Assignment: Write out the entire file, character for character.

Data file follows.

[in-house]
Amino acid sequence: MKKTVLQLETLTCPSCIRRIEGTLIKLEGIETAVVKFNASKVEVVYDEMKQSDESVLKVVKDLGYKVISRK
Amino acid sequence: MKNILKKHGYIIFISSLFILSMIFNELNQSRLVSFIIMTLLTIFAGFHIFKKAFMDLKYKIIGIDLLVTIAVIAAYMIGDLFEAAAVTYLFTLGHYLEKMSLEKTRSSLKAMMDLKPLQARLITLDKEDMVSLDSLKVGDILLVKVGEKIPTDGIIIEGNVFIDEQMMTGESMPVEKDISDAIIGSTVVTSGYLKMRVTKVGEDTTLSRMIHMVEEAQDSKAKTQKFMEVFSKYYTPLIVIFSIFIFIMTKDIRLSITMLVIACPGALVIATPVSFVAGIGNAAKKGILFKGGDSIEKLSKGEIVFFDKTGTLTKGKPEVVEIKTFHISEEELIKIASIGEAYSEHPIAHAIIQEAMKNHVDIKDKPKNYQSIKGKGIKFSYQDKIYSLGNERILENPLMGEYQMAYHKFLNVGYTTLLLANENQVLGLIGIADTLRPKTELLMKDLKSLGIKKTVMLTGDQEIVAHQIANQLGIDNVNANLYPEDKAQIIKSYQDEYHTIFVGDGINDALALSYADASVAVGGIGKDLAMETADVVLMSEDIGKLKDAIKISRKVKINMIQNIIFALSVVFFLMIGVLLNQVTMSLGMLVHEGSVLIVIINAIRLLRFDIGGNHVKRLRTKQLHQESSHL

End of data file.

[in-house]
Amino acid sequence: MKKTVLQLETLTCPSCIRRIEGTLIKLEGIETAVVKFNASKVEVVYDEMKQSDESVLKVVKDLGYKVISRK
Amino acid sequence: MKNILKKHGYIIFISSLFILSMIFNELNQSRLVSFIIMTLLTIFAGFHIFKKAFMDLKYKIIGIDLLVTIAVIAAYMIGDLFEAAAVTYLFTLGHYLEKMSLEKTRSSLKAMMDLKPLQARLITLDKEDMVSLDSLKVGDILLVKVGEKIPTDGIIIEGNVFIDEQMMTGESMPVEKDISDAIIGSTVVTSGYLKMRVTKVGEDTTLSRMIHMVEEAQDSKAKTQKFMEVFSKYYTPLIVIFSIFIFIMTKDIRLSITMLVIACPGALVIATPVSFVAGIGNAAKKGILFKGGDSIEKLSKGEIVFFDKTGTLTKGKPEVVEIKTFHISEEELIKIASIGEAYSEHPIAHAIIQEAMKNHVDIKDKPKNYQSIKGKGIKFSYQDKIYSLGNERILENPLMGEYQMAYHKFLNVGYTTLLLANENQVLGLIGIADTLRPKTELLMKDLKSLGIKKTVMLTGDQEIVAHQIANQLGIDNVNANLYPEDKAQIIKSYQDEYHTIFVGDGINDALALSYADASVAVGGIGKDLAMETADVVLMSEDIGKLKDAIKISRKVKINMIQNIIFALSVVFFLMIGVLLNQVTMSLGMLVHEGSVLIVIINAIRLLRFDIGGNHVKRLRTKQLHQESSHL